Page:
‘You never want to slow down’. Meet extreme snowmobiler turned oil and gas data entrepreneur
The oil and gas industry has changed dramatically over the decades from more rudimentary tools, to super high tech solutions that are not only making the industry more efficient, but also changing technology’s role in the field.
Brett Chell, founder and president of Cold Bore Technology and an avid extreme snowmobiling sports practitioner, has proven not to be the typical oil executive as well as technology expert. But by combining his passion for both industries, he has become a beacon of what the new digital age is all about.
From the picturesque Canadian Rockies, Chell, who is also the cofounder of Energy Block Services, co-founder and director of Raptor Rig Drilling and owner and director of Capone&Co., speaks to João Marques Lima on his passion for one of the most dangerous sports out there and his successful and not so successful business ventures and the lessons he’s learnt.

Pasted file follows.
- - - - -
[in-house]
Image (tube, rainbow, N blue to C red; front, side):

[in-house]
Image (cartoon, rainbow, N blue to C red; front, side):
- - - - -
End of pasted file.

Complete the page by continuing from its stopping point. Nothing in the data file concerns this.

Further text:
Where did the passion for extreme snowmobiling come from?
I grew up in Canada, in the Canadian Rockies, so I have a love affair with the outdoors and more specifically the back country. I was an avid snowboarder as a kid, spending a lot of my weekends travelling to the mountains with my friends in an old beat up Astro Van filled to the brim. Snowmobiling is a natural progression for many riders as they outgrow the groomed tourist covered ski resorts.